15. Evening All My track record for finishing models in recent years and especially in group builds hasn't been good, in fact I've done very little modelling for various reasons for the last couple of years. So now being cooped up for the next few weeks theres a small chance I might actually get some modelling done, and hopefully finish one. To assist in achieving this goal I've looked at my modelling habits and picked all the traits that are most likely to hinder progress in this aim and adopted all of them. 1) Instead of finishing off one of the many part completed projects I'm starting a new build 2) To prevent enthusiasm levels getting too high I've picked a subject area that I'm not particularly interested 3) As I've got a rather large stash I thought it best to purchase another model for the group build 4) To prevent AMS setting in too soon I didn't bother researching the kit and proceeded to buy the wrong mark 5) This wasn't too much of an issue as I got it at a bargain price due to a crushed box 6) Once I actually realised I'd got the wrong mark some research was inevitable, most changes needed should be easy to scratch, but I did need some different wheels 7) Looking for the different wheels inevitably lead to finding other aftermarket essentials costing 4 times the price of the half price kit I'd bought. 8 ) To justify the cost of all the extras more research was required to ensure this was all correctly applied as well 9) To ensure reduced available building time I put off starting the process above until after the group build start date 10) Amazingly after completing the above there's still a fair bit of the Group build time available (the Mustang group build followed a similar trajectory and got as far as 9) by the mid march end date) 11) To ensure I'm not lonely in isolation I've picked an identical subject with 2 stalled builds already in this group build @Whirly and @Hockeyboy76 (Just sayin, don't be offended, I rarely finish GB's anyway!) So, what am I building? My main interest is in RAF and RN subjects so the obvious group builds would have been the current Lancaster or In the Navy GB's. The chosen subject has a tenuous link to the RAF through the ETPS, but is firmly in the subject matter for this GB, being built and operated in or by Sweden. I already had the decals in the stash which I'd bought for some of the other subjects (unsurprisingly still unbuilt) So I then found a Revell Gripen D with a damaged box going for half price after the sale had been flagged up by someone here in the Bargains section, it found it's way into my basket and shortly thereafter into my model room. The box was crushed and torn But the contents were in excellent shape The clear sprue was lurking inside the box when the photo was taken in case you're looking for it. Shortly after getting the kit and digging out the decals it became obvious to me that I'd bought a D and the decal subject was a B What to do? The Italeri kit is a B, but judging by photo's of the kit on line it didn't quite have the finess of the Revell kit. The differences between B and D are relatively minor, so couold possibly ignored? No, not a chance, once seen they'd bug me. Most of them looked relatively straightforward to deal with but the early style wheels would be more difficult. I could beg a spare set from a Britmodeller that had upgraded an Italeri kit, or I could go aftermarket. No brainer really, blow the money you've saved on buying the wrong kit cheap on a nice set of aftermarket wheels And whilst you're shopping on the internet, you may as well save some more money on postage by spending a load on some more aftermarket, the ubiquitous Eduard set for the kit Which includes parts to detail the kit exhaust nozzle, so you don't really need an Aires resin exhaust, do you? And whilst looking at the kit parts the pitots look rather overscale and vulnerable so theyre best replaced with something in scale and relatively expensive (and probalby sitl vulnerable! So that's the intro, I was going to get into describing the modifications required to backdate the D to a B and a couple of others that seem to be unique to this airframe, but let's not rush things, I can do that tomorrow instead of doing some actual modelling...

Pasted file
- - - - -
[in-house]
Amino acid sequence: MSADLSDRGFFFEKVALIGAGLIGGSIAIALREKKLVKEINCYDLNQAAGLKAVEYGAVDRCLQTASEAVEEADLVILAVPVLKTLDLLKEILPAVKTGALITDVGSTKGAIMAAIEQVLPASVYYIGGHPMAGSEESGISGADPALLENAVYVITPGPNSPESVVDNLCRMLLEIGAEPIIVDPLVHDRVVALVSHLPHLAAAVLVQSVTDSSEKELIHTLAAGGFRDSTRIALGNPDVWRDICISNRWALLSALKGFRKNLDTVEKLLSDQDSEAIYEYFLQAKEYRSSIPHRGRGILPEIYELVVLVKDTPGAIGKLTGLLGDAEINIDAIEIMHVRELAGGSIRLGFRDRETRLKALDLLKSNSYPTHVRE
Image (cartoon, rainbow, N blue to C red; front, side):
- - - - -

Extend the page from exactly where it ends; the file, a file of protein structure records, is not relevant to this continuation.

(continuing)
16. Well with the KGV nearly done thought I would make a space ready for this one just received my Big ED set for this today courtesy of Starling Models but I have had the kit as loft insulation for a while beefy
  17. Hi guys, Fairey's oddball Rotodyne is all finished. I tried to build the type of model that possibly would have been seen at Fairey's trade shows. Adding the electric motors really presented no problems and gives a bit of realism to the model when it's powered up. I hope you all like this aeronautical trip down memory lane.
  18. I decided to join on the 11th hour, and since there is not so much time left I will be doing a double build of a Czech JAS-39 C and D with some interesting livery.